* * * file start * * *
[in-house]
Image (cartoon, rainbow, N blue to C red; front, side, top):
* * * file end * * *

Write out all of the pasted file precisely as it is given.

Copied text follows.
[in-house]
Image (cartoon, rainbow, N blue to C red; front, side, top):